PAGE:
Survey your home for common kitty household hazards, including dangling electrical cords, poisonous plants, garbage disposal switches, drapery cords, open clothes dryers, ripped screen doors and breakables to ensure that your cat is truly safe.read more
Horses have it. Birds, fish and even mollusks do too. The "it" is personality, something that both you and your cat radiate nearly every waking moment. But exactly what is personality, does this people-centric term applies to non-human animals and can it be changed?
"Personality is a complex of behavioral traits that go together without obvious reason," says Sander van Doorn, PhD, a researcher at the Santa Fe Institute in New Mexico and one of the world's leading experts on the evolution of personality in animals. He says such traits are what help to characterize uniqueness among individuals. In other words, no two cats or humans -- not even among identical twins -- think and behave exactly alike.
Evidence for Personality in Animals
Dr. van Doorn and his colleagues have studied various animals, birds and insects over the years. They've determined most provable critter characteristics fall under two sets of descriptions: risk prone and risk adverse, and flexible and rigid. Risk prone people and animals tend to be bold, brazen and relatively fearless. Risk adverse individuals are the opposite, acting wary and timid under the many situations they perceive as threatening.
Flexible people and cats are easy-going and have somewhat malleable characters under certain circumstances. For example, a flexible feline may not mind a change of toys or scenery, but a more rigid cat or person is clearly set in its ways and habits.
Tanya Williams, cat caretaker at the Humane Society of Southeast Texas in Beaumont, knows the various feline types well. "We have a sweet cat named Lydia up for adoption who is so loving and non-aggressive," Williams says. "She loves attention and is very quiet and mellow."
"Then we have another cat, which we named Alien Baby," she adds. "As soon as you open his cage, he jumps on you. He's full of energy and needs to be loved in his own way. He likes to be hugged a lot."
What Creates Personality?
According to Dr. van Doorn and other scientists who have studied personality, differences in character and temperament seem to emerge from three different sources:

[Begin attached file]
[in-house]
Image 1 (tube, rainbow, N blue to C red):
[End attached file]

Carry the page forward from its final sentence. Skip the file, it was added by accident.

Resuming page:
Genetic. All creatures born of a mother and father emerge into the world with unique sets of DNA. This is the cellular material that carries information to "program" our tissue growth, hormones, brain activity and all bodily happenings. Identical twin humans or kittens have identical genes.
Environmental. The location and conditions under which you and your cat were raised and now live also can affect personality, the researchers have determined. For example, a cat living under stressful conditions might develop fears that a feline lounging in a literal lap of luxury might not develop.
Social. Then there are the moment to moment factors that seem to shape our characters. Dr. van Doorn attributes some of these to status and breeding position changes. "Hover wasp males at the bottom of their breeding hierarchy tend to be more aggressive," he says. "If they rise to the top, gaining more responsibility and having more to lose, they become more risk adverse." In cats, a similar phenomenon happens to pregnant females. An otherwise carefree female feline might settle down more when she has kittens. People do this too, when they settle into stable relationships and/or start a family.
Different Breeds, Different Personalities
Because selective breeding helps to control the spread and exchange of genes, domesticated animals, like cats, dogs and horses, often exhibit personality traits linked to their breed. Here are a few identifiable characteristics among select cat breeds, as compiled by the Humane Society of Southeast Texas:
American shorthair: easy-going, companionable
Angora: adaptable, loyal
Bombay: quiet, easy-going, likes frequent petting
Maine coon: active, flexible
Manx: affectionate, smart
Persian: loving, companionable, quiet
Russian blue: companionable, gentle, affectionate
Siamese: high maintenance, smart, active, very social
How to Bring Out the Best in Your Cat
Since environmental and social cues help to shape personality, in many instances you contribute to molding your cat's character. Here are six ways you can help guide your feline into becoming the best it can be:
Jennifer Viegas is the managing editor of The Daily Cat. She is a journalist for Discovery News, the news service for the Discovery Channel, and has written more than 20 books on animals, health and other science-related topics.
Cats reach full skeletal development when they are this old: